I am new in C#.net. I want a validation for textbox which take only hh:mm:ss format. Below is my code and its wroking. It gives output true 23:45:45 (example only) and also true for -23:45:45 (example only). Now I want validation which return false for -23:45:45 (example only) because it is negative time. My running code does not work for negative time.

          IsTrue = ValidateTime(txtTime.Text);
            if (!IsTrue)

                strErrorMsg += "\nPlease insert valid alpha time in hh:mm:ss formats";
                isValidate = false;

  public bool ValidateTime(string time)
            Regex regExp = new Regex(@"(([0-1][0-9])|([2][0-3])):([0-5][0-9]):([0-5][0-9])");

            return regExp.IsMatch(time);
        catch (Exception ex)

            throw ex;

I wouldn't use regular expressions at all - I'd simply try to parse the result as a DateTime with a custom format:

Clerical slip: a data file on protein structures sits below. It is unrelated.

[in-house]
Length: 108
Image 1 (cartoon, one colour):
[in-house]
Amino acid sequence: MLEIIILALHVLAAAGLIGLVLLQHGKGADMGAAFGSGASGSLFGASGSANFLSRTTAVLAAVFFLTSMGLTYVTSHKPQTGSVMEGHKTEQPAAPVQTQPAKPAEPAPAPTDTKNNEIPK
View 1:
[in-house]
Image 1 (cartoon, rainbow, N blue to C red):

public bool ValidateTime(string time)
    DateTime ignored;
    return DateTime.TryParseExact(time, "HH:mm:ss",
                                  out ignored);

(If you really want to stick with regular expressions, follow the answer from Mels. And I'd get rid of the pointless try/catch block, and probably just construct the regex once and reuse it, too.)

  • Jon, woulnd't TimeSpan.TryParse be better ? – Habib May 6 '13 at 7:29
  • Oh, nevermind, got my answer for negative hours :) +1. TimeSpan.TryParse would parse -23:45:45 as well. – Habib May 6 '13 at 7:30
  • Out of curiosity: isn't there a more elegant way to indicate that we don't care about the actual parsed Date/Time? Other than using an ignored variable, that is? – Mels May 6 '13 at 7:30
  • 1
    @Mels: Yes, you could use NodaTime and a LocalTimePattern, then just return ParseResult<LocalTime>.Success :) (It would still have parsed the time, but it's clearer what you're trying to do with it.) – Jon Skeet May 6 '13 at 7:32

Surround your regex with ^ at the start and $ at the end. These mark the beginning and end of the string and invalidate the match when there are any other characters.

  • 6
    But yours has the benefit of explaining what was wrong, which may well help the OP in other situations where a regex may actually be the right approach. – Jon Skeet May 6 '13 at 7:22

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